The Public Option and the Future of ObamaCare


Here's a preview of ObamaCare battles to come: The Huffington Post notes that a group of House Democrats have revived calls to add a government-run insurance option to ObamaCare. The push comes in the wake of the fiscal cliff deal, which killed $6 billion in funding for non-profit health insurance cooperatives. Coop funding was included in the law largely as a way to quell liberal legislators unhappy that the law didn't include a full-fledged public option — a government-run health insurance alternative that would compete with the private health insurance plans sold in the law's health exchanges.

Given that Republicans control the House, these Democrats don't have any real shot at getting the bill passed. But it's likely an early shot in what's likely to be a long battle over how to manage health policy post-ObamaCare.

As parts of ObamaCare either fail to produce results or are stripped away, piece by piece, in budget deals, we're likely to see stepped up efforts to revise the bill in a more liberal direction. At the request of the Health and Human Services Department. some health insurers, for example, are proposing additional penalties be added to the law's health insurance mandate, which they argue isn't strong enough in the law's initial years. And in Massachusetts, the passage of a statewide ObamaCare-like program presaged a massive political showdown over rate increases in 2010 and years of increasingly aggressive calls for greater cost control measures — calls which last year resulted in the creation of a what is essentially a price control commission for health care in the state.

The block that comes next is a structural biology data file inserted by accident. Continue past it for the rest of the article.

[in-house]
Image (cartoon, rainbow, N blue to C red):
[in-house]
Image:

Indeed, the public option was conceived as a starter measure intended to pave the way for further liberal reform: Jacob Hacker, who popularized the idea of a public option, has been quite clear that the goal was to set up a government-run public option that would slowly grow into a single payer system — which would make it less a public option than a government-run monopoly.